Printmaking Week 3

LESSON TITLE: Printmaking (3 of 6)
TEACHER NAME: Jennifer November
GRADE LEVEL: 7th & 8th
CLASS TIME: _1hr 45_Minutes _1_Days/week _6_# Class(es)


Students will carve their second layer and see how when printed on the first layer how the image is formed.

Students will print their finished relief prints on card stock.


  • Pencil
  • Newsprint or Drawing paper
  • Erasers
  • Gouge, blades #1-6
  • Cutting block surface
  • 4×6 Linoleum block
  • 4.5×6.5 Card-stock (can be found at most craft stores often used for scrapbooks)
  • 5×7 Blank cards and envelopes (used for mounting later)
  • Ink of various colors (water based)
  • Inking tray (we used old baking sheets, just needs to be a non-absorbant surface
  • Phone book
  • Brayer

VOCABULARY (already gone over in week one, but there is always an importance in reenforcing the technical terms of the tools, allow your students to feel like experts in their work).

Printmaking Powerpoint

Terms can be found on the Printmaking Week 1 post.


Students are now in their third printing class. By now students should have begun carving the relief print and this class I want them to carve and print their first layer of their reduction prints. This is important because we only have three more classes left. For the next three sessions they need to carve and print each layer.

Students already have their drawings transferred to the printing block and they are to check in with the teacher about the tickles of the lines. Once they do I have them go over the lines with a sharpie marker. One that has a fine point (not ultra fine), this is to ensure the thickness of the lines is a certain size. Since we are using softer printing blocks, the details of the print need to be refined so they are not too small or thin. If they are the chances of cutting off an important part of the image are greater.

Once they are done with the sharpie they need to check in with the teacher on last time to talk about what should be on each layer. They are to only cut away the negative space that they don’t want in the image at all. This is often a silhouette of the image, or perhaps in a landscape scene it may be the sky that is carved away leaving the clouds and ground to be printed. The second layer that will be printed on the same print will later be more details of the image.

After they carve away the first layer they should rinse off their blocks to remove any excess dust, sharpie makers and have a clean, dry surface ready to print. (If the block is wet the ink will not stick to the block very well and the print will not come out).

Students are to print at least a dozen or more of these first layers. This is crucial because often students can make a beautiful first print. but the second print can sometimes be off register and can cause for an unsatisfying result. If this happens it is necessary to have more prints than you may think you need in order to have a sizable amount for a finished product. (Since we are using these as products to sell and we have a certain amount ordered we need to keep this in mind throughout the whole session).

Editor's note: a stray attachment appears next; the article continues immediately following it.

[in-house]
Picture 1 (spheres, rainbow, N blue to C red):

Follow Up

The students worked diligently on their projects. At this point all of them have two set designs for their prints are are already carving away their first layer. They now have two projects going on at once, and this seems to be really helpful with keeping them motivated to finish their projects. They seemed to feel a bit more pressure to produce both projects but at the same time seemed really excited that they could work on two different things during the one class.

Some students were able to carve and print their first layer on this day as well. When this happened for the first time I was happy to make an example of the official printing process. I showed them the procedure of how to line up the print so that it would be in the center of the paper. We began by pulling test prints on scrap paper. I explained to them that by doing this you really get to see what you product looks like. And from the test pull they can make adjustments to the carved block. If they needed to go back into the block they had to wash off the ink, dry the block and go back to cutting. Once I demonstrated this process 2 or 3 times to the whole class, they all seemed to work well through the process.

Class is never long enough for us, and clean up can take an average of 15 minutes, including drying and putting everything away. I was really happy with the progress they made during this class.


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